Would Santa Claus play Mega Moolah?

It's that time of the year again where we wait for a jovial, red-cheeked chap, powered by a team of magical reindeer, to whizz around the globe in the space of a 24-hour period, bringing gifts to all those who choose to believe that Christmas is something to celebrate each year.

Given that Santa is so ingrained in our culture, it is hard to think that there are parts of the world where Santa doesn't actually feature in their traditions and where they may have very different celebrations, at very different times of the year.

Now I have no doubt that Santa's been very busy this past year at his North Pole grotto getting all kinds of goodies available for people around the globe. He's probably making sure the reindeer have been fed and watered and his sleigh has been oiled and given a service just ahead of the big day (or night as it should really be).

However, I am equally sure that if he had the chance and fancied taking a break one year and letting someone else take up the reins, a Mega Moolah jackpot win would help him relax a bit and perhaps look for somewhere a little further south and then perhaps, he could ditch his wardrobe, which is a bit repetitive if we're honest.

So before we examine if and Santa would play the Mega Moolah slot, let's take a look at exactly who this rosy cheeked present-presenting chap actually is.

Santa Claus - A potted history

It's strange to think that the figure of Santa Claus actually is a hybrid of a number of different images, people and legends throughout the years. Originally, the legend was based on Saint Nicholas of Myra, a bishop who used to give gifts to people. Which kind of makes sense.

Only that Saint Nicholas was actually a Greek, which doesn't fit in with the white bearded, rosy-cheeked Santa Claus we know today. The reason that is the case is because that image of Santa Claus can be traced back to 1823 and a poem called "A Visit by St Nicholas" for which Thomas Nast, a cartoonist, created what is reckoned to be the first ever modern depiction of Santa Claus with the white beard, chubby cheeks (and originally a smoking pipe, but we will leave that alone).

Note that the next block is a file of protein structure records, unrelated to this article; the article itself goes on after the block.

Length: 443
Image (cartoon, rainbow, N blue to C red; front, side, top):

While that image has been maintained, his clothes have not. Originally Santa Claus was dressed in blue, but White Rock mineral water in 1915 and then more famously Coca Cola in the 1930s used a different red coloured suit, to reflect the colour of their beverages cans and that red and white outfit has been maintained ever since.

Other elements of his story, including his wife Mrs Claus, have also been cobbled together to embellish the overall story so that we now have the Santa we know today, who lives at the North Pole or Lapland in a grotto, with Mrs Claus and a team of Elves, who make presents for people and deliver them around the world at Christmas Eve.

Nowadays, Santa Claus goes by many different names across the globe, in the Netherlands he is Sinterklaas, in Finland he is Joulupukki, in the UK he is commonly known as Father Christmas and in the United States in particular, Kris Kringle is a popular name, most famously used in the Miracle on 34th Street movie.